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Geiger Counters

NSSDCA ID: 1958-008A-01

Mission Name: Pioneer 3
Principal Investigator:Prof. James A. Van Allen


Two Geiger-Mueller tubes were used to obtain data on the belt of trapped radiation, discovered by Explorer 1, surrounding Earth. An Anton-type 302 tube had its output counted by a 17-stage binary scaler in order to cover the extreme dynamic ranges expected in counting rates within the bandwidth of the communications system. This counter would saturate at about 10 roentgen/hr. An Anton-type 213 tube which saturated at about 100 roentgen/hr was used to provide coverage in the high-intensity region of radiation. The counters were designed to count up to 200,000 radiation strikes per second, covering proton energies >30 MeV and electron energies > 2.2 MeV. The Geiger-Mueller tubes were mounted at the base of the nose cone within the thin fiberglass casing. Pioneer 4 used the same instrument with shielding added to the Anton 213 tube.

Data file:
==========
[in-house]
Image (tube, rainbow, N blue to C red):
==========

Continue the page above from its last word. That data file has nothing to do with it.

Continuous radiation data were received on the outbound leg of the trajectory to a radial distance from the center of the Earth of 107,400 km (nearly to apogee) and from 60,000 km to 9400 km on the inbound leg. Radiation data were received from launch until spacecraft failure on December 7, 1958 (38 hr, 6 min). The data from this experiment showed two distinct belts of radiation, later named the Van Allen belts in honor of the principal investigator.

Alternate Names

  • Pioneer3/GeigerCounters


  • Space Physics: Heliospheric Studies

Additional Information

Questions and comments about this experiment can be directed to: Coordinated Request and User Support Office



NameRoleOriginal AffiliationE-mail
Prof. James A. Van AllenPrincipal InvestigatorUniversity of Iowa
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